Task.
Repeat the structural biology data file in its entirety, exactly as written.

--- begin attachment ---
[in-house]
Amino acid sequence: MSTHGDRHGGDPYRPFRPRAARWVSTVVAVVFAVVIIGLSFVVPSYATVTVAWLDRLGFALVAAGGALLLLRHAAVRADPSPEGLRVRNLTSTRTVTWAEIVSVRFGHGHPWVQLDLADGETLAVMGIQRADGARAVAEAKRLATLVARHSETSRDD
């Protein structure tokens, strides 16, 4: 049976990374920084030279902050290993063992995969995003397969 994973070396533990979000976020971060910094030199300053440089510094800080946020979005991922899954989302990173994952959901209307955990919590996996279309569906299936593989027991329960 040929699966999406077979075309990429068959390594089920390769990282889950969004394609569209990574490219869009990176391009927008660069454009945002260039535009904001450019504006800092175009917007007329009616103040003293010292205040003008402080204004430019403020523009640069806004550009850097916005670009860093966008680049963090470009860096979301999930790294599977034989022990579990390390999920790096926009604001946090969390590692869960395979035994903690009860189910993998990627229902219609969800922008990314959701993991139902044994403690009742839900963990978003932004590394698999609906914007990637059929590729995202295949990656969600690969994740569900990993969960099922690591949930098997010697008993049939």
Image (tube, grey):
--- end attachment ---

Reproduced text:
[in-house]
Amino acid sequence: MSTHGDRHGGDPYRPFRPRAARWVSTVVAVVFAVVIIGLSFVVPSYATVTVAWLDRLGFALVAAGGALLLLRHAAVRADPSPEGLRVRNLTSTRTVTWAEIVSVRFGHGHPWVQLDLADGETLAVMGIQRADGARAVAEAKRLATLVARHSETSRDD
């Protein structure tokens, strides 16, 4: 049976990374920084030279902050290993063992995969995003397969 994973070396533990979000976020971060910094030199300053440089510094800080946020979005991922899954989302990173994952959901209307955990919590996996279309569906299936593989027991329960 040929699966999406077979075309990429068959390594089920390769990282889950969004394609569209990574490219869009990176391009927008660069454009945002260039535009904001450019504006800092175009917007007329009616103040003293010292205040003008402080204004430019403020523009640069806004550009850097916005670009860093966008680049963090470009860096979301999930790294599977034989022990579990390390999920790096926009604001946090969390590692869960395979035994903690009860189910993998990627229902219609969800922008990314959701993991139902044994403690009742839900963990978003932004590394698999609906914007990637059929590729995202295949990656969600690969994740569900990993969960099922690591949930098997010697008993049939």
Image (tube, grey):